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Ryan Macklin
Game designer, writer, editor, publisher, podcaster, raconteur, deist, rake. One mouthy dude.
Game designer, writer, editor, publisher, podcaster, raconteur, deist, rake. One mouthy dude.


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My Brief Guide to Watching the Fast & Furious Movies

If you know me, you know I love the Fast & Furious movies. I've written about how they explain Technocratic vulgar "magick." I mean, I'm making a game where "car wizards" are a serious part of the setting. So yeah, they sing my heart's song.

But they're not for everyone, and to view them as I view them takes some explaining.

First, these aren't normal people. You are watching movies about car wizards—extraordinary mortals who don't play by the rules we do. So when you see blatantly bullshit stuff like "instead of trying to ditch the car before it goes over the cliff, let's ride it down and jump off into the ravine below," you have to suspend your disbelief at the same level that you would a superhero movie.

The action isn't the only unbelievable bits there. The dialogue is… well, what I tell people is "No, the dialogue is perfect. That's just exactly how car wizards talk to each other. You need to learn their culture." They're a people without nuance, who say exactly what needs to be said to get to the next beat.

If you can accept this, you can celebrate the movies as I do. And you can accept the plot jumps as "of course that needed to happen, car wizards gotta car wizard."

Sure, it's not without its problems, namely the sexploitation element. My wife pointed out "Oh, she's an important character. She's wearing clothes." Most women (including named characters) are there to be ogled by men on-screen and off. If that would make you not like the films, I definitely don't recommend them—there's no sense of watching something someone else likes if it has stuff in it you don't.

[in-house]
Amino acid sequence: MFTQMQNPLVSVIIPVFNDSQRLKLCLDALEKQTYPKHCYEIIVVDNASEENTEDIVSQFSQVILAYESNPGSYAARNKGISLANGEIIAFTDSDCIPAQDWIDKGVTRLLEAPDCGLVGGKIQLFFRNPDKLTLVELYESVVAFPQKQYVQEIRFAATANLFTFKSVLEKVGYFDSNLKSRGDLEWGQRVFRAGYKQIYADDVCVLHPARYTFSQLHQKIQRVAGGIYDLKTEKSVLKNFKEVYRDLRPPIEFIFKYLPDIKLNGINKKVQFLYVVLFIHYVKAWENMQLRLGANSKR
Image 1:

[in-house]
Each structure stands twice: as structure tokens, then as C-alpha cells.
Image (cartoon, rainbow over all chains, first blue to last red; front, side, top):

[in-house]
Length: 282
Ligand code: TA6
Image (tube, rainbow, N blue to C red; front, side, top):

Now for the practical bit: Start with the fourth movie, Fast & Furious (not The Fast & the Furious). It follows from the events of the first couple movies. (Tokyo Drift[1] happens later; that's the one movie that isn't in chronological order.) But if you accept my caveats above, you don't really need to see them. Four is where the movies start to embrace their car wizards narrative, and is the kickoff for the arc that drifts through Furious Seven.

Spoilers for Fast One & Two Below

A real quick, somewhat hyperbolic summary of the first movie so you have a vague clue of what's going on in Four:
- Dominic Toretto (Vin Diesel) has a crew of street hijackers, including is girlfriend Letty Ortiz (Michelle Rodriguez) and a bunch of other people, it's cool I don't need to name them. They're pretty wicked.
- Enter Brian O'Conner (Paul Walker), a cop who goes undercover to bust Dom's gang. Only shit gets complicated because feels. He may be a cop on the outside, but his heart beats to car wizard nitro.
- Dom's sister, Mia (Jordana Brewster) and Brian get romantically involved.